The Origin of the Moon
The leading theory for the formation of the Moon suggests that a Mars-sized impactor struck the proto-Earth in a violent collision shortly after the formation of the solar system. The impact produces vapor, liquid, and solid debris. The debris either escapes the system, falls back to the Earth, or enters circumterrestrial orbits forming a “protolunar disk“. It is from this disk that the Moon is thought to have formed.
Planetary Scale Giant Impacts
We cannot simply go into a laboratory and smash two planets together. To study the evolution of a planetary scale giant impact, we must apply numerical simulations. These simulations are complicated; they evolve the collision of bodies subject to self-gravity, a non-trivial equation of state, and potentially even magnetic fields — all in 3D.
On a day-to-day basis, I crash planets into one another using the astrophysical magnetohydrodynamics framework Athena++. I specialize in investigating the role of magnetic fields in the Moon-forming giant impact. Magnetic fields are amplified as they are stretched and wound by turbulence generated by the planetary collision.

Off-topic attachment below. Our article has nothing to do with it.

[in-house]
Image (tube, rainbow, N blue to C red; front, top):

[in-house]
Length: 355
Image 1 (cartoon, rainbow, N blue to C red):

The Evolution of the Protolunar Disk
The birthplace of our Moon was a complex environment. Following the Moon-forming giant impact, a debris disk settled into orbit about the Earth. This protolunar disk was comprised of liquid and vapor lunar rock. It is likely that hot vapor in the protolunar disk interacted with a magnetic field that was amplified by the giant impact. In particular, we anticipate that the protolunar disk was unstable to the magnetorotational instability (MRI). The MRI yields vigorous magnetic turbulence and grows magnetic field strengths exponentially in time. It is possible that the protolunar disk could have exhibited magnetic field strengths comparable to those inside a medical magnetic resonance imaging machine! The MRI enables angular momentum transport. The protolunar disk is forced to spread and material is accreted onto the proto-Earth making Moon formation less efficient. Material accreted onto the proto-Earth must pass through the boundary layer, i.e., the transition layer between the proto-Earth and the innermost regions of the protolunar disk. This boundary layer may be unstable to supersonic shear instabilities that source spiral waves which propagate into the protolunar disk, hence mixing material between the molten Earth and debris disk. Understanding the dynamics of the protolunar disk is essential to understand when, where, and how our Moon formed. Furthermore, numerical simulations of the early evolution of protolunar disk may help reconcile the anomalous similarities between the isotopic ratios of lunar and terrestrial samples.
I am interested in the development and implementation of numerical algorithms for computational magnetohydrodynamics. I am a contributor to the Athena++ magnetohydrodynamics framework.